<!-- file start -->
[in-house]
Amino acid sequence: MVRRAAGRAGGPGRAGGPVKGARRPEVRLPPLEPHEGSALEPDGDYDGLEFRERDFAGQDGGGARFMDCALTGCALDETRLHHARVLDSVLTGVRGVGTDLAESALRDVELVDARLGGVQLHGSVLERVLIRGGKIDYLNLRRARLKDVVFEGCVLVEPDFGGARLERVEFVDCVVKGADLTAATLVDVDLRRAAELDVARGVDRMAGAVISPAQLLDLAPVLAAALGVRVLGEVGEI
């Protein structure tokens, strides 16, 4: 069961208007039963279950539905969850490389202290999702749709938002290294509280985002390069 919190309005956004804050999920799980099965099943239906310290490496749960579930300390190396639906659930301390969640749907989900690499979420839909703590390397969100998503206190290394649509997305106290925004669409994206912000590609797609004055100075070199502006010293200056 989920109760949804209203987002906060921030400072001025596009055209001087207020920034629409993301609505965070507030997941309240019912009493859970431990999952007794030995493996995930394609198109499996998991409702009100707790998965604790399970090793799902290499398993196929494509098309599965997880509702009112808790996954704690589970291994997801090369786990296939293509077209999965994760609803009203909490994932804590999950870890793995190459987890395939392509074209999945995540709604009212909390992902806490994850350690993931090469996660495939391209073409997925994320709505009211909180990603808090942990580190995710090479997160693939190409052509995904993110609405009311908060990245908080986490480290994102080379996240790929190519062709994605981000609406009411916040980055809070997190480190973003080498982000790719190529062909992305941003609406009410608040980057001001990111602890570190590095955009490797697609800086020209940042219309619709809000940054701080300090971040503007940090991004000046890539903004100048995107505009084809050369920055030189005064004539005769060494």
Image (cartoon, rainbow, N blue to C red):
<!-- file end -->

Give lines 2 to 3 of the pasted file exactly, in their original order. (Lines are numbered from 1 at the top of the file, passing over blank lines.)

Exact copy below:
Amino acid sequence: MVRRAAGRAGGPGRAGGPVKGARRPEVRLPPLEPHEGSALEPDGDYDGLEFRERDFAGQDGGGARFMDCALTGCALDETRLHHARVLDSVLTGVRGVGTDLAESALRDVELVDARLGGVQLHGSVLERVLIRGGKIDYLNLRRARLKDVVFEGCVLVEPDFGGARLERVEFVDCVVKGADLTAATLVDVDLRRAAELDVARGVDRMAGAVISPAQLLDLAPVLAAALGVRVLGEVGEI
């Protein structure tokens, strides 16, 4: 069961208007039963279950539905969850490389202290999702749709938002290294509280985002390069 919190309005956004804050999920799980099965099943239906310290490496749960579930300390190396639906659930301390969640749907989900690499979420839909703590390397969100998503206190290394649509997305106290925004669409994206912000590609797609004055100075070199502006010293200056 989920109760949804209203987002906060921030400072001025596009055209001087207020920034629409993301609505965070507030997941309240019912009493859970431990999952007794030995493996995930394609198109499996998991409702009100707790998965604790399970090793799902290499398993196929494509098309599965997880509702009112808790996954704690589970291994997801090369786990296939293509077209999965994760609803009203909490994932804590999950870890793995190459987890395939392509074209999945995540709604009212909390992902806490994850350690993931090469996660495939391209073409997925994320709505009211909180990603808090942990580190995710090479997160693939190409052509995904993110609405009311908060990245908080986490480290994102080379996240790929190519062709994605981000609406009411916040980055809070997190480190973003080498982000790719190529062909992305941003609406009410608040980057001001990111602890570190590095955009490797697609800086020209940042219309619709809000940054701080300090971040503007940090991004000046890539903004100048995107505009084809050369920055030189005064004539005769060494």